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December 30, 2015

Science Lesson from the Bilge

Earlier this month we introduced ‘Lec Lat readers to the curious, perfectly square crystals that we found growing in our boat’s bilge. We assumed they were salt crystals, of course, as there’d been a pinhole leak down there around a through-hull fastening. But we had no idea what made these bilge gemstones form into such perfect squares — flattened cubes, actually. So we sought help from our readership.

Bill Ogilvie, of the Cheoy Lee Clipper 36 Dragon Lady, offered this succinct explanation: "Salt crystals form into perfect cubes because the NaCl molecule packs so well. The space between the chlorine atoms is just the right size for the sodium atoms to occupy. This close, regular packing is what causes the perfect cube shape. The more salty water available the larger the size of the crystal."

Although we were a bit freaked out by discovering we’d had a leak in the bilge, we were absolutely fascinated by these ‘gemstones’, some of which were nearly two inches across.

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That made the mystery a bit more understandable. But Charlie Ruppert’s explanation really got our ‘little gray cells’ buzzing: "A key word here is ‘crystal’ — as in ‘crystal lattice’. I believe a common feature of all crystalline solids, like NaCl (sodium chloride) is that the molecular arrangement of molecules within the solid is organized into a regular three-dimensional lattice structure, a regular repeating pattern. In the undergraduate crystallography course I took at Cal, we would measure these angles under the microscope to identify the mineral we were looking at (a salt crystal’s internal angle is apparently 90 degrees). The form of the crystal is determined by the chemical bonds (tiny electrical attractions) used to build the mineral (the crystal structure of a diamond, just carbon as a single element, is going to be different from the crystal structure of table salt, composed of a bond between two separate elements: a sodium and a chlorine atom).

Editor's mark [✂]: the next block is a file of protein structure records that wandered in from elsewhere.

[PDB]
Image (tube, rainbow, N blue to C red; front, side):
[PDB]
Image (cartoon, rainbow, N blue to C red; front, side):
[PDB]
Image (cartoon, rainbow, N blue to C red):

"Small and large crystals are formed simply because new salt crystals coming out of solution in evaporating sea water need to go somewhere, and they would rather stick into formation (because of electrical charge) onto the nearest existing salt molecule rather than end up as an unattached bit of microscopic salt dust.

"So it looks like sodium and chlorine atoms will bond together when enough water evaporates — due to minute electrical charge — and combine and form a salt molecule, which itself would like to bond to another charged salt molecule, and so forth. Because of the asymmetry of the molecule — the salt molecule looks like a tiny battery: one side is positive and the other negative — every salt molecule is naturally attracted to another, but only at a very special orientation to each other.

"That much I recall — and is likely somewhat correct! But what I didn’t know is much more interesting: (from the Web): ‘Sodium chloride together with the next four most abundant salts comprise more than 99% of all dissolved substances in the sea. Although only eight elements make up these five most abundant salts, seawater contains all of Earth’s other naturally occurring elements.’ And, ‘Individual atoms are dissolved in sea water, not salts.’"

Who knew you could discover such fascinating science by lifting up a bilge board? Here’s wishing you an enlightening year ahead.

As every experienced sailor knows, bad things can happen when you don’t — or aren’t able to — keep a constant lookout while underway.